Generally, the question comes from somebody who may have released a book or two and it sank without a burp. They think the reason it sank might be they launched in the wrong season or the wrong day of the week.
It’s understandable when one considers that publishers generally release a spring and fall catalog. Some add a winter calendar. They send those to bookbuyers so that must be when people buy books, right?
Not so much.
Bookbuyers make their selections to stock in the coming season. Publishers collect all the new titles into the glossy catalogs to make those selections easier. Booksellers know that readers enter their shops every day of the year so a seasonal catalog is simply a convenience for the publisher and buyer. The books they order from the catalog may not see a store shelf for weeks.
The year end holiday season offers another possibility for launch. The rationale follows the logical path where people get new e-readers for the holidays and will need fresh reading material to go on them.
In the past, starting around 2010 and on into 2014, that was a reasonable path to follow. Lately, fewer people are buying new dedicated readers, opting for tablets or even smartphones as reader-of-choice. That still offers an opportunity but removing a few million new Kindles from consideration each December limits the utility of this strategy. It’s not a bad idea to release a work in mid-December so that it’s got some traction and visibility by month end, but that’s not a good reason to delay a book that’s ready in October.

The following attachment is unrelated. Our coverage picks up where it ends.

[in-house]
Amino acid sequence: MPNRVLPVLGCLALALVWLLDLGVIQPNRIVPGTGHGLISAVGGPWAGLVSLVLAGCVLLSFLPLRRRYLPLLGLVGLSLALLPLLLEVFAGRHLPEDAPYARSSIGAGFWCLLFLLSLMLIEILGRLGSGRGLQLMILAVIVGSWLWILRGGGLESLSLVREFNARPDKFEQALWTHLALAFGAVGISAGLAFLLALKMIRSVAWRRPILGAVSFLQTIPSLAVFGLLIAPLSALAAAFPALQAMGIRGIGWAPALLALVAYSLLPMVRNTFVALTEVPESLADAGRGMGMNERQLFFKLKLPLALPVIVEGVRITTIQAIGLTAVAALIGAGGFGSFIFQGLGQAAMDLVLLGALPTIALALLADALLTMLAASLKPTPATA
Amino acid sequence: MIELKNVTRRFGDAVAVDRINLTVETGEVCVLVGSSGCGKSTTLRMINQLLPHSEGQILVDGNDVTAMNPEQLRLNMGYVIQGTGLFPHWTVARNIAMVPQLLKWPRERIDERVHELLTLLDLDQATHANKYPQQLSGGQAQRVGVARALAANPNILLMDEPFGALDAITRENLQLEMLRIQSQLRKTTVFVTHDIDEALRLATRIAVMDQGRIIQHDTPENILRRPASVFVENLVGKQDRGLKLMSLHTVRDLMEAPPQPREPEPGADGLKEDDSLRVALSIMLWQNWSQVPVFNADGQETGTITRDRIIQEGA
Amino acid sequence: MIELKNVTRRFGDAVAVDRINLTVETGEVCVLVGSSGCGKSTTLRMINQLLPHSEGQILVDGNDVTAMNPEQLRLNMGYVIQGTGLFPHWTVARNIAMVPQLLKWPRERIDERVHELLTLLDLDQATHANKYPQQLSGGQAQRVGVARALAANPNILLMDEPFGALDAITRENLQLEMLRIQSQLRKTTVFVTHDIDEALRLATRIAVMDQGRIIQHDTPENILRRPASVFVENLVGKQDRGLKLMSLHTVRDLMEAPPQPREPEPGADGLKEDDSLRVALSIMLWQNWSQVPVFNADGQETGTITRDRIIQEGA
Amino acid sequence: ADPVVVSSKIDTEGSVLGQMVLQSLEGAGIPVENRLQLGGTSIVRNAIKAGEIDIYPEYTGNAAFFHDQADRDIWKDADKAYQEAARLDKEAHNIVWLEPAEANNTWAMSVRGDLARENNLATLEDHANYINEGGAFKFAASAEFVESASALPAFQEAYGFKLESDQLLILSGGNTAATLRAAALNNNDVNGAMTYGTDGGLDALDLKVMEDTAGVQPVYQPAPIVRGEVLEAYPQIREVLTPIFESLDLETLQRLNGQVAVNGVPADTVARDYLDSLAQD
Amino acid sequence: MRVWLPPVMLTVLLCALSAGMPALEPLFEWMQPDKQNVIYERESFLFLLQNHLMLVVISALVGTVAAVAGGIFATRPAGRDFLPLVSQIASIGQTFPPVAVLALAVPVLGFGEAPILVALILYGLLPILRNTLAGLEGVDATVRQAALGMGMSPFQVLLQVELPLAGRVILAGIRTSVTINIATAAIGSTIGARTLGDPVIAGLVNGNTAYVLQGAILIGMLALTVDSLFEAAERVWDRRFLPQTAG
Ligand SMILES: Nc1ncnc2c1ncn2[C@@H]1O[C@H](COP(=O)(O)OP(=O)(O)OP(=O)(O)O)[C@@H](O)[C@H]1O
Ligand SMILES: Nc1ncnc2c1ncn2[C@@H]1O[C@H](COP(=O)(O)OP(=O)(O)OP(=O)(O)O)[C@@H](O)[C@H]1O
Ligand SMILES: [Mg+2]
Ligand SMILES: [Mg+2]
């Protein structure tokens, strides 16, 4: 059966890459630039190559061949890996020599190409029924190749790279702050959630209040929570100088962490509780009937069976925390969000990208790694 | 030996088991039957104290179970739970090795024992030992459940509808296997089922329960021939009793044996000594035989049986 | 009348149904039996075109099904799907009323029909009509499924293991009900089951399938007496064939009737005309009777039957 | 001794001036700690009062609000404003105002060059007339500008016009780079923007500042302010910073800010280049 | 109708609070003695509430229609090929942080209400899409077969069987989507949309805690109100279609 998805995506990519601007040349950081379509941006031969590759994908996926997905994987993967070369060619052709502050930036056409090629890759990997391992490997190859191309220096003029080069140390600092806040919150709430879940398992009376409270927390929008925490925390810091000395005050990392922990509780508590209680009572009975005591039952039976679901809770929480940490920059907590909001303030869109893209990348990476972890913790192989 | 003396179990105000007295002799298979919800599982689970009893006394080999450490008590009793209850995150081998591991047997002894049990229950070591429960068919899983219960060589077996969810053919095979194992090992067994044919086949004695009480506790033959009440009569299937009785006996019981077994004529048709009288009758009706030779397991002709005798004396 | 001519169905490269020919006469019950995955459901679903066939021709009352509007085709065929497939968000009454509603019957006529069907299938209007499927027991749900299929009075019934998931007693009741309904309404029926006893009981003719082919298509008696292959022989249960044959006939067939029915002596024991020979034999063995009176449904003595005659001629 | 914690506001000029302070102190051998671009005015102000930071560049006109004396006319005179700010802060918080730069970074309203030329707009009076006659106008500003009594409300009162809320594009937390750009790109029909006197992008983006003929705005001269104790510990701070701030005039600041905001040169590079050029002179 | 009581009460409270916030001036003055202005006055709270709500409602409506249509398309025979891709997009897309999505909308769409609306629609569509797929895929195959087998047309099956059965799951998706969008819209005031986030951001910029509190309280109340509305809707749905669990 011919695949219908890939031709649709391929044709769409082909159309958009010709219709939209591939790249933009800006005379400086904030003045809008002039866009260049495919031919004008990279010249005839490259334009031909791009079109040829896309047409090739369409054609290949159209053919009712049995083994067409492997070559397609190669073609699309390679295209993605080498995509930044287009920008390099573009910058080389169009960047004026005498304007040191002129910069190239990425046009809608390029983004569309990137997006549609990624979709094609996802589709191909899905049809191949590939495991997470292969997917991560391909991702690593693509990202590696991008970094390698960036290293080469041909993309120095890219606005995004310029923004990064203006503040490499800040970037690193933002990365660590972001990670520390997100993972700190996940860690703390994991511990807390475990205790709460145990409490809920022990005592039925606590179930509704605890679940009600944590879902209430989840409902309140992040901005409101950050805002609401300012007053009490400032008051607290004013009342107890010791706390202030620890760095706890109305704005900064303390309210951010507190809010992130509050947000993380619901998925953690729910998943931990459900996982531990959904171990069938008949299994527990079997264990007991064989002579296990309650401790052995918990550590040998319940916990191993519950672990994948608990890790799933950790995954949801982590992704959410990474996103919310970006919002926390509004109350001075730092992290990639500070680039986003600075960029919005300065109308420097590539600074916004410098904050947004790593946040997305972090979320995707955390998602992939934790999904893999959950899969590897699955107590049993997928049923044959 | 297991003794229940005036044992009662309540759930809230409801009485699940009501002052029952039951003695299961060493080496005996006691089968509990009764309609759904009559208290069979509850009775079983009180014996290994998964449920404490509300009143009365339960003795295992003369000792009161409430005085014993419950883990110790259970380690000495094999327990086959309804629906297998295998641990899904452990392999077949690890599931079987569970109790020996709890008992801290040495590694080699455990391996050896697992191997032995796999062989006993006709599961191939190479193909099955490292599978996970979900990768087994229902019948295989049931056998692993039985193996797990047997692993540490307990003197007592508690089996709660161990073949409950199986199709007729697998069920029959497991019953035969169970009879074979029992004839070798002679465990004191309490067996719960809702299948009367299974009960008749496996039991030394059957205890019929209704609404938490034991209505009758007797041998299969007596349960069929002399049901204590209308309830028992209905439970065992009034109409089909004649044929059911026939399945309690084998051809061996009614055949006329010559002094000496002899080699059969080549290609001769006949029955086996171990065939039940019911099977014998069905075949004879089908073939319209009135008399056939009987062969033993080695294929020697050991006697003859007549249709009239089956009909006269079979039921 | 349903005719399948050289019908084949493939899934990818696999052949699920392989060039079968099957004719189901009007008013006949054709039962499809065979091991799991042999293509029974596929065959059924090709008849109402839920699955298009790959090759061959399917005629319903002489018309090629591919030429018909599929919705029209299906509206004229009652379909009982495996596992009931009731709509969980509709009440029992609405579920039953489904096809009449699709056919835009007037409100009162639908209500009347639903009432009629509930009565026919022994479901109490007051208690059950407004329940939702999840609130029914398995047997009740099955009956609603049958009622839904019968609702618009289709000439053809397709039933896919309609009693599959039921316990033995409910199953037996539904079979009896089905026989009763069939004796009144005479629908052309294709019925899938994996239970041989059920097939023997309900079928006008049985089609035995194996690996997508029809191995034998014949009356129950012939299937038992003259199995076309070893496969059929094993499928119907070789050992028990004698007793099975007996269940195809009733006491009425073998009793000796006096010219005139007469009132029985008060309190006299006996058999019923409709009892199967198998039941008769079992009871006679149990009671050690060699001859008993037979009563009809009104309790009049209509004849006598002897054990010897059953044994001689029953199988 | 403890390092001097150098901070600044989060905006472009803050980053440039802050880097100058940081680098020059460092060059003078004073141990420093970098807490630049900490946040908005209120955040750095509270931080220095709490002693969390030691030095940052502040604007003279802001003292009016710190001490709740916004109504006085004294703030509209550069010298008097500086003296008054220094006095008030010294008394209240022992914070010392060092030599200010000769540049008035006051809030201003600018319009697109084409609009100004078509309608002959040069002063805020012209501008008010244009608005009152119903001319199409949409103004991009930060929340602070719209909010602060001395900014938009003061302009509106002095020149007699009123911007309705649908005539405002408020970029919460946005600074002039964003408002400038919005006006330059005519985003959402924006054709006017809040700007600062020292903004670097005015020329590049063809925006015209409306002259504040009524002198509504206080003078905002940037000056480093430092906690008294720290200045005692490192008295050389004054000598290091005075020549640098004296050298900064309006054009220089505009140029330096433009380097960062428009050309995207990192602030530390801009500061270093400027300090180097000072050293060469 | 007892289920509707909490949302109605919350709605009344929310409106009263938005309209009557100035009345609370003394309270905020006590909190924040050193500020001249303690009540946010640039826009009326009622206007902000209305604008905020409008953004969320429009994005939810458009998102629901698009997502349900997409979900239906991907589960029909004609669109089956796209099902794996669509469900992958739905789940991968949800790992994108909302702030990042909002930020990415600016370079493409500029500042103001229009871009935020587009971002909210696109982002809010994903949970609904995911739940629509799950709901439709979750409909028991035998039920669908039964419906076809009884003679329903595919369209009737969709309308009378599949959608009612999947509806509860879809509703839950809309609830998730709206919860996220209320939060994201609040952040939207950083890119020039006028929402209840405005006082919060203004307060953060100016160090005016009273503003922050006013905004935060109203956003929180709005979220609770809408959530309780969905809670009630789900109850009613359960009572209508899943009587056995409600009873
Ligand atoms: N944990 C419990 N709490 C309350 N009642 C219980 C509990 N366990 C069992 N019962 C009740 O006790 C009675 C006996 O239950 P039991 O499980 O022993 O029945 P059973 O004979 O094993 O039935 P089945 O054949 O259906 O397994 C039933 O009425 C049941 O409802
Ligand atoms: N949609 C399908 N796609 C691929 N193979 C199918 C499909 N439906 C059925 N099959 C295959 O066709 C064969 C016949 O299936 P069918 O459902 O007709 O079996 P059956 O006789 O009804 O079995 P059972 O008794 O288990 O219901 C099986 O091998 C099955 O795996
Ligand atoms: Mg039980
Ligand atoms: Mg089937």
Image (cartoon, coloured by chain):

There are those who weigh the advantage of the day of the week. Saturday? People are off work and might be looking for something new to read for the weekend? Perhaps Friday night for those who plan ahead? Sunday might be a good day to release a book because – for many – it’s a day of rest and quiet contemplation.
Personally, I favor any day that ends in “Y.” The only exception might be if you plan to launch into Kindle Select. Amazon aggregates page-reads by the calendar month so releasing on the last day of the month will maximize page-reads toward a potential Kindle All-Stars reward. For new authors this is almost never worth chasing. The lowest tier of All-Star reward takes about two million page-reads for a single title. People who ask “What’s the best day?” don’t usually expect to get millions of page-reads. Mostly they only want to give their book the best chance at catching on.
Here’s the thing.
Booksellers know that readers enter their stores every day of the week. Perhaps they get more foot traffic on the weekends when people are off work, but that has less to do with readers wanting books on the weekend that with readers being able to get to the bookstore. For most indie authors, the market is ebooks and the largest bookstore in the world is on every reader’s desk – even in their pocket. A reader who wants a new book only has to log in. Which means – in most cases – the best day to release a book is my favorite day that ends in “Y” - today.